During conditions of increased glucose disposal, plasma lactate concentrations increase due to an increase in plasma lactate appearance. The tissue sites of the elevated lactate production are controversial. Although skeletal muscle would be a logical source of this lactate, studies using the limb net balance technique have failed to demonstrate a major change in net lactate output when plasma glucose disposal is increased. Because the limb balance technique underestimates production of a substrate when the limb not only produces but also consumes that substrate, we infused 3-14C-lactate basally and during a hyperinsulinemic euglycemic clamp in seven normal volunteers to determine plasma lactate appearance, forearm lactate fractional extraction, and forearm lactate uptake and release. After 3 hours of hyperinsulinemia, glucose and lactate turnovers increased from basal values of 11.8 ± 0.13 and 12.2 ± 0.59 to 32.6 ± 3.4 and 16.5 ± 1.07 μmol/(min · kg), accompanied by an increase in plasma lactate from 0.88 ± 0.07 to 1.16 ± 0.09 mmol/L (P < .05). Forearm lactate extraction increased from 27% ± 2% to 38% ± 2% (P < .001), resulting in an increase in forearm lactate uptake from 0.65 ± 0.09 to 1.18 ± 0.08 μmol/(min · 100 mL tissue) (P < .001). Although forearm lactate net output decreased during hyperinsulinemia, forearm lactate production increased from 1.04 ± 0.12 basally to 1.69 ± 0.13 μmol/(min · 100 mL). When forearm data was extrapolated to whole body, muscle could account for 41% ± 4% of systemic lactate appearance basally and 45% ± 4% during hyperinsulinemia. These results demonstrate that skeletal muscle is a major tissue for both the production and utilization of lactate in humans basally and during hyperinsulinemia, when glucose disposal is increased.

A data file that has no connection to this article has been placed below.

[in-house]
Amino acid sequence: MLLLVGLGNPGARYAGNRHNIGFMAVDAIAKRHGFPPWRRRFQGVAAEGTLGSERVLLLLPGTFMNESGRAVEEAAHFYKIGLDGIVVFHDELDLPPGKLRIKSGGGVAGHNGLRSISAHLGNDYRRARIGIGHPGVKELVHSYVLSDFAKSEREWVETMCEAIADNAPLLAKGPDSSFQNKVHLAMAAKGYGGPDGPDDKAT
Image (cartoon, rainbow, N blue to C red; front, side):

ASJC Scopus subject areas
- Endocrinology, Diabetes and Metabolism